montee ball2

Kindly, most NFL coaches have given us an answer to the pressing fantasy questions we had as July became August. Since it’s often the position that gets tapped out first in drafts, running back position battles were of particular concern.

Say Jeff Fisher, who ya got over there in St. Louis? Daryl Richardson? Sweet. What about you guys, Tom Coughlin and Jerry Reese? What say you between David Wilson and Andre Brown? Alright cool, it’ll be Wilson leading that committee. Thanks.

In other situations like the Carolina calamity discussed with a little more depth below, an injury answered our question, which was helpful. But John Fox is still the worst.

The Broncos head coach feels no sense of commitment to us, but it sure would be nice if he did. This week and next week are, of course, the peak of fantasy football draft season, as the days after the third preseason game are generally viewed as a much safer time following the height of August injuries. Personally, I’ve had one draft this week, and have three others prior to opening night.

Frenzied times indeed, and it would be convenient if most of our pressing positional questions are answered. Unfortunately, we don’t play in a world where such a thing is possible.

On Monday Fox gave rookie Montee Ball first-team reps while Ronnie Hillman walked around the field and practiced holding on to a football properly. Over the Broncos last two preseason games he’s fumbled three times (two of which were returned for touchdowns), an especially alarming pace because he’s been given only 22 touches over that stretch. Every coach at any level despises fumbles from his running back, but Fox’s detest will be even greater this season because ball turfings have the strong potential to immediately undo the fine work done by a loaded passing offense following the addition of Wes Welker.

So then after Hillman’s two fumbles this preseason and two last year on just 85 carries, it was reasonable to think that at the very least, Ball would climb to lead the backfield committee, and be on the high end of a share. Not so, says the devilish Fox.

After his one-day detention Hillman was back with the first team yesterday. Having fun yet, John?

“I don’t even know yet, so I don’t know how you all know. They’ll both carry a big load for us this season, knock on wood. Whether it’s ’1A’ and ’1′ or however you want to list it, they’re both very capable, and we’re very pleased with both.”


There will be a starter here only in the sense that someone has to be on the field to begin the game. Being the “starter” will have little meaning, and instead, the value will come in who has the greater opportunity to contribute in important fantasy situations. See: the goal-line.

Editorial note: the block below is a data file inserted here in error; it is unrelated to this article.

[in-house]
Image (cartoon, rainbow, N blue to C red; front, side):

That title will belong to Ball, who’s the much larger running back, and has a far more barreling style which he regularly showcased with 61 touchdowns during his two years as the starter at Wisconsin.

His yardage may be restricted as Hillman sucks back snaps between the 20′s, but the greatest value lies in Ball’s scoring ability. It wouldn’t be shocking whatsoever to see Ball finish with double-digit touchdowns, and something in the vicinity of 700 yards, fine numbers for a rookie RB in a split.

Thankfully, few are letting Fox’s witchcraft fool them. According to Fantasy Football Calculator, Ball is currently coming off draft boards nearly 50 picks earlier than Hillman.

More notes, stray thoughts, and other such randomness

Robert Griffin III, future politician

If this whole quarterbacking thing doesn’t work out for our boy Robert Griffin III (ummm, he’ll probably be fine), he has a bright career as a politician ahead.

Griffin is abundantly aware that since the moment his knee was sliced and diced last January, every word he’s said regarding his health and playing status is dissected relentlessly by men who are paid to wear nice suits and laugh on TV, and by jerks like me on the Internet. That’s why he’s become increasingly skilled in the fine art of trying to sound like he’s not saying something, while saying something.

His latest masterpiece during a radio interview yesterday

“I would say I’m 100 percent, but you can’t put a number on it. No one ever knows when they are 100 percent or what percentage they’re playing at. The biggest thing is, I’m not below 100 percent.”

To review then: personal health cannot be defined by the rigid and wholly unscientific percentages assigned by the sports media (fair enough), but if RG3 were to give a percentage right now, it definitely wouldn’t be less than 100. Since 100 is the best possible percentage in anything, he’s fully healthy. Annnnd scene.

Hey over there, Redskins offensive coordinator Kyle Shanahan. What say you?

Cool, that’s settled then. Griffin will meet with Dr. James Andrews in Florida tomorrow for a final inspection and medical clearance, though the true last word on his Week 1 status rests with head coach Mike Shanahan. Ready for my craziest leap in logic of the day? If Andrews says Griffin can play, he’s playing. Boom.